On my return from holiday I noticed that while I was away the Minister for Education and Skills, Richard Bruton, announced that coding was to be introduced into primary schools.
I’ve been trying to catch up on the reaction by educators to the announcement – I emphasise that it was the reaction of educators I was interested in as they are the people I trust and whose opinion I respect with regard to ICT in schools.
Apparently, the Minister has asked the National Council for Curriculum and Assessment (NCCA) to consider the introduction of coding into their review of the primary maths curriculum. It’s reported that Minister Bruton has seen the success of the Coder Dojo movement and wants to see it replicated in primary schools:
“The success of the CoderDojo project is a fantastic example of the benefits of teaching coding to young children. Hugely popular with children, it teaches creative problem-solving skills in a manner that engages and excites them,” he said.
However, I have to wonder exactly who is pushing this agenda – policy makers, industry leaders or educationalists? Was this just another summer announcement to fill the news vacuum?
I especially read with interest the reaction to the announcement by educationalists on the Computer Education Society of Ireland (CESI) mailing list and I’d say the reaction was mixed. However, I’m struggling to believe that this is anything other than simply putting the cart before the horse.
Who decided that the introduction of coding into primary schools was the technology priority for the coming years? If it was such a priority, why is coding not also going to be introduced in a similar way in post-primary schools, rather than just an optional Junior Cert short course?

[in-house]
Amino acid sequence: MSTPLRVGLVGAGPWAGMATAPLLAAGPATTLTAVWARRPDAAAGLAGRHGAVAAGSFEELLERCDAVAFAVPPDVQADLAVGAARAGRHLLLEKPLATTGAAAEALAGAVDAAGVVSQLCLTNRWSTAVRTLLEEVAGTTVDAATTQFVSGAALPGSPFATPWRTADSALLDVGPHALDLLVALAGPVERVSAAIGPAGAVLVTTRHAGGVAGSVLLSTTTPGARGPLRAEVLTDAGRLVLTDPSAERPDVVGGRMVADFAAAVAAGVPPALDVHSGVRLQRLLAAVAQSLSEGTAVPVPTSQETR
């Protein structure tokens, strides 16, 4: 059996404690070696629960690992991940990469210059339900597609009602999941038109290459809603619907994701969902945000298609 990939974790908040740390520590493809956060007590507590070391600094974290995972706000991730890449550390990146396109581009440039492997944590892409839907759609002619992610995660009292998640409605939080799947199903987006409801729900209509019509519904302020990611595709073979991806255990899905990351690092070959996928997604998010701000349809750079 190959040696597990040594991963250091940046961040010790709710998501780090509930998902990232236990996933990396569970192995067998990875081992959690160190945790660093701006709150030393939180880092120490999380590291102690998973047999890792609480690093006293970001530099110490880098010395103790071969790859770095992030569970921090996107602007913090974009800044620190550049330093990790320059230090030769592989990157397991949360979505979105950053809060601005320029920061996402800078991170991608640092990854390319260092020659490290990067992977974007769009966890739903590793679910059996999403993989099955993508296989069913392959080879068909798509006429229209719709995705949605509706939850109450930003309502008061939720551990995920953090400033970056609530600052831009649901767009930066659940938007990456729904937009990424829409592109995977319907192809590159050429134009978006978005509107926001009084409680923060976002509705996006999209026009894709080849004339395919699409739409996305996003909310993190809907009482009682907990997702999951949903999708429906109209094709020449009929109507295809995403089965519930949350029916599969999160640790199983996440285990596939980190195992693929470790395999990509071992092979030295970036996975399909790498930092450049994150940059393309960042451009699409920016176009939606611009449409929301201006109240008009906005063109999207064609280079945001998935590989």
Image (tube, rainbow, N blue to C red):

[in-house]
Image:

Surely there are other technology priorities that are more urgent than the introduction of coding? Adrienne Webb, CESI Chairperson, summed it up well when she remarked:
“I would have been happier if he [Minister Bruton] had announced the immediate implementation of the funding component of the Digital Strategy for Schools 2015 -2020. It is already a year behind!”
The issue of teacher competency in the area of coding is also surely the elephant in the room. While I consider myself fairy competent in the area of educational technology, I admit to having very very limited skills in coding. I find it abstract and difficult to get my head around, my brain is just not wired that way. There will be many pupils that will feel the same way.
Now consider telling a technology-reluctant, over-worked, stressed primary teacher that they have to learn coding so that they can teach it to their pupils, I can only imagine that the response will be negative.
Given that educationalists have been crying out for a number of years for action on a number of technology issues – among them broadband, replacement of hardware, technical support – it’s hardly surprising that the Minister’s announcement will get a lukewarm response.
As a letter writer to the Irish Times remarked:
“…..daily maintenance, replacement of old stock, internet access and repair issues have been a constant challenge in schools. Until every school has reliable broadband, a realistic annual maintenance budget and access to technical support, coding may be …… a pipe-dream”.
If we are going to review the place of technology in primary schools, then let’s look at the whole package and not just one small aspect of it (coding). To focus on one aspect of educational technology, important as it may be, seems to me to be simply the Minister putting the cart before the horse.